7. To bad you can't revoke rank. Because that is probably the only solution that will work. My guess is that this kid can't be turned around without a serious butt-kicking from another scout, I would start recruiting the biggest kids you can find to offset this bully. The Eagle rank appears to have validated his superiority complex....so he's gonna pummel every kid he can with it. Probably could be a troop killer, given enough time and exposure.
  8. I liked one of the comments to the article: "I don't think that being a Boy Scout had a darn thing to do with me becoming a responsible adult. Sure was fun, though." I tend to agree with that.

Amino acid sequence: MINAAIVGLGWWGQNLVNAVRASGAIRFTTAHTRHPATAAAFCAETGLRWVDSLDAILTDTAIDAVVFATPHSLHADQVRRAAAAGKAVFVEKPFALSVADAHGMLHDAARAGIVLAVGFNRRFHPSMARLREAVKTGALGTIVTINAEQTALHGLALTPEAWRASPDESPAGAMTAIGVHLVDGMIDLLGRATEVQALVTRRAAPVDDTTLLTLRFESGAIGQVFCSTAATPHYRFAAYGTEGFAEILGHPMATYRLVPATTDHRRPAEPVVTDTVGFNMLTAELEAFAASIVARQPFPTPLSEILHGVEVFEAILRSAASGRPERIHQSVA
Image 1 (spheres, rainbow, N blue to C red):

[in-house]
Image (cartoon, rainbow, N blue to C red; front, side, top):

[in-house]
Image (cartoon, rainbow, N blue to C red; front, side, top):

9. The "B is no better than an F" view comes from the fact that if you don't have "at least" a 3.0 "CORE GPA" and a higher overall GPA (weighted or not), colleges and universities (other than community colleges) will either not look at you or waitlist you. Been there done that. This is true even for the big "State" universities. Way different than when I entered college...heck I probably would not have gotten in. This is especially true for scholarships...GPA is the weed-out. Unless your extra-curr's are in your intended profession (my son and music for example) it is definitely his/her advantage to control the extra's. My son used to be in Marching Band and play/umpire Baseball in the spring. But he chose extra's that were more in line with his career path...honor music groups outside the school. As for the AP courses, unless you plan to go to the specific college that is offering the AP credit...don't bother...the credits most likely won't transfer...although I suppose it looks good on your transcript anyway. Now if you plan to go into forestry, park ranger, geology or some such avenue, the Scouting is probably and all-in proposition.